The Railway Men opens with a short coda in the immediate aftermath of the 1984 Bhopal gas leak tragedy, which killed over 15,000 people and is considered the world’s worst industrial disaster. 

A reporter, played with rugged tenacity by Sunny Hinduja, watches from afar as Union Carbide chairman Warren Anderson is first detained on his arrival in India and then, only a few hours later, flown out of the country in a government-sanctioned plane. 

“An eye for an eye makes the whole world blind,” the journalist wryly quotes Gandhi, in voiceover, wondering what such ideals of forgiveness and non-violence mean anymore in a country where the perpetrators of mass slaughter tend to get off scot-free. It’s a loaded reference to make in the context of a disaster that literally blinded hundreds of people from chemical exposure.

There are many ways to begin a show like The Railway Men, with its expansive factual scope and multitude of characters. Thus, it’s telling that director Shiv Rawail, making his debut at YRF Entertainment, would decide to lead with this scene. In a way, it honours the decades of public anger and resentment over Bhopal before telling—as disaster dramas tend to do—a story of hope and civilian courage.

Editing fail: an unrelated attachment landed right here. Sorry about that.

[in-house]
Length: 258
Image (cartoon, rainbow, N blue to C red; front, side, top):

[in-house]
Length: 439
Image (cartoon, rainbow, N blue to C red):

Evidently inspired by the acclaimed 2019 miniseries Chernobyl, this 4-part show on Netflix recreates a grim historical tragedy through the eyes of its warriors and emergency responders. 

In this case, it’s a set of employees of the Indian Railways who conduct a daring rescue operation to save a fraction of the population after highly toxic methyl isocyanate (MIC) gas escapes from the Union Carbide plant in Bhopal on the night of December 2-3.

Iftekaar Siddiqui (Kay Kay Menon) is the honest and scrupulous stationmaster of Bhopal Junction railway station. Ten years ago, he was involved in a tragic derailment and is haunted by guilt and trauma. Greying and bespectacled, Iftekaar is going over his nightly ledgers when he observes a commotion on the platforms. Passengers coughing, foaming at the mouths, dropping dead in heaps. 

Though it’s unclear to him in this instance, poisonous gas from the nearby chemical plant has filled the entire city air. On the advice of Balwant (Divyenndu Sharma)—a thief disguised as a Railway Police Force (RPF) constable—Iftekaar assembles the surviving passengers in the waiting room of the station and seals off the doors. 

Later, with some assistance from loco pilot Imad (Babil Khan), a new recruit, he attempts to contact the nearest junction, asking them to stop the inbound Gorakhpur Express from reaching Bhopal and also send a rescue train.

Director: Shiv Rawail

Cast: Kay Kay Menon, R Madhavan, Babil Khan, Divyenndu Sharma, Sunny Hinduja, Juhi Chawla, Dibyendu Bhattacharya

Episodes: 4

Run-time: 50-60 minutes


After a deadly gas leak at the Union Carbide chemical plant in Bhopal in 1984, employees of the Indian Railways spring to the rescue of the stranded populace. Dramatically, Iftekaar’s message doesn’t reach. Nevertheless, Rati Pandey (R Madhavan), the idiosyncratic General Manager of the Central Railways, picks up on the signs of the unfolding crisis.